tho establishment of a parochiat
school in that city.
A petition has been issued at Hast
nigs asking that Amy Robinson, tho
only woman physician there, bo ap
pointed city physician.
Elbert Moren, living near Johnson,
suffered a broken arm and internal
injuries when two teams and a wagon
load of oats ran over him.
Farmers' Business association gets
the Bell Elovator and a company of
farmers and business men buy the-Trans-Mississippi
elevator at Sholby.
Nebraska is to be represented by
1,500 feet of moving picture reels in
tho series of reels along tho Lincoln
highway that are to be shown at tho
San Francisco exposition.
Tho Spanish war veterans of Ne
braska will hold their eighth annual
encampment In Omaha April 27 and
28. Governor Morehead and ex-Senator
Thurston will bo speakers.
A continuous search 1b being kept
up for tho bodels of Mrs. Archie Fer
guson and her two little daughters,
who It Is believed leaped from tho
steel bridge Into the Platto rivor at
North Bend.
Deputy game wardens over tho
stato are warning peoplo .not to tako
stock In rumors that a now law pass
ed allows people to fish and hunt in
their own counties without a license.
Such a bill passed the house but did
not get through tho senate.
Nebraska's winter wheat crop is es
timated at from 101 to 104 per cent
of normal by tho Burlington crop ex
perts in the first weekly report on
conditions, by tho road. Tho ten
year average of conditions at this
season Is taken as tho normal. Con
dition in tho Omaha, Lincoln and
southeastern Nebraska districts was -reported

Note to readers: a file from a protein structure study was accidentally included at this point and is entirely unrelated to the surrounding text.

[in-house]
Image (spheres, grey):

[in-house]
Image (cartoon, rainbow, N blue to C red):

101 per cont and in tho
southwestern part of tho stato at 104
per cent.
Tho now city council of Grand
Island has been organized with tho
election of August Meyer as presi
dent. Committees havo beon appoint
ed to work on tho new sowor proposi
tion recently passed by a popular
vote.
Suit has been filed In tho federal
court by Frank R. McCormlck, re
ceiver of tho First Nntlonnl bank of
Sutton against tho Luobben Baler
company asking for funds alleged to
havo been lost Just boforo tho fnlluro
of tho bank. Tho amount sued for
Is $21,C91.G8.
Manager Matnoy of tho Kearney
Stato lenguo baseball team, stated
that ho has forty men signed for the
season.
Tho Nebraska Stato Pharmaceuti
cal association will hold its annual
convention In Omahn, Juno 7 to 10.
Hendquarters will bo at tho Hotel
Fontenolle.
Slnco tho suit of William B. Lucas
and others against tho Ashland Light,
Mill and Power company, was begun
In tho Saunders county district court
In 1907, at Ashland, nlno persona
Identified in tho case, have died.
1